At the Charlotte (N.C.) Observer, hear about a man who dedicated his photographic skills to documenting that crazed beast, the college football tailgater. “At LSU, I ate seven different kinds of animals,” he says. Read more here. (Wonder if one was groundhog; since that stinkin’ Sir Walter Wally saw his dern shadow today, I’m ready to make groundhog meatballs.)

There only thing less expensive than a good, cheap red wine is using up the last of the red wine left at your house by a Christmas party mob. But don’t take pot luck, look at the Independent Weekly’s (Durham, N.C.) picks.

There are more Super Bowl recipes at the Winston-Salem (N.C.) Journal, but these state a concern for calories. The way I see it, it’s once a year, but if you’re worried, have at them here. Although the “wings” made from avocado slices seem a lit-tle strange.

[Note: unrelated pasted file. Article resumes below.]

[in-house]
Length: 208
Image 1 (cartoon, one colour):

The pork tacos and meaty chili at the Post and Courier (Charleston, S.C.) are more traditional for game day. Find the recipe here.

Is it girlie-man food or just a fresh approach to the Super Bowl menu? Decide for yourself at LeitesCulinaria. But at least he’s offering real wings.

Of course, the Pittsburgh Post Gazette is full of ways to plan your (Steelers-oriented) Super Bowl party. Here’s something wild: Aunt Elvira’s Roethlisberger Braunschweiger Ball. It’s a cheese ball, in case you were wondering.

And because I don’t personally have a dog in this fight, the Milwaukee Journal Sentinel writes about the chef who cooks at the Packers’ training camp. Plus other stuff, including beer-flavored potato chips that will help you save snacking time by eating and drinking at once.

If you really don’t care about anything but the food, go Tex-Mex in honor of the location. The Dallas Morning News has a ton of tasty recipes here.